- What makes people want to stay at our company?
Conduct a brand audit to identify the strengths of your current messaging, as well as weaknesses and opportunities for improvement. Review the following:
- Your website, careers page and “about us” page
- Glassdoor reviews – what are others saying about your company?
- Social media presence
- Feedback from both current as well as exited employees
Use this information to build your brand. The biggest challenge is not establishing your vision or your brand, but communicating it!
To develop a credible employer brand, a company must be aware of its reputation as an employer. To do so, a company must look at both internal and external feedback.
- Employee opinion surveys
- New hire surveys
- Informal employee meetings
- Exit interviews
- Glassdoor, Vault reviews given by employees both current and former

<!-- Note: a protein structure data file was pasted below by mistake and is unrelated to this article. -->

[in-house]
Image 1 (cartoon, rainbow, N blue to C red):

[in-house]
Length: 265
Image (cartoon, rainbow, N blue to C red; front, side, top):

- CEO rating
- Company rating
Shape your feedback & define your brand
A company’s employer brand communicates why someone would want to work for you. By soliciting feedback from both internal & external resources, organizations can create a brand that is authentic to both candidates and employees. Start by developing your employer value proposition:
- Get buy in from your senior leadership team
- Gather feedback from employees
- Define “why work for us”
- List the 5 main “ingredients” that make you who you are and this ultimately serves as your employer brand
- Connect your employer value proposition with your company goals and use that to attract the right audience
Expand your reach
Social and mobile recruiting are a must for a company’s employer brand and strategy. Over 90% of companies are using social media for recruiting.
Do your recruits even know you exist?
81% of US consumers find blogs to be a trustworthy sense of information. This is no different for recruiting new hires. Potential candidates want to work for a company that is trustworthy.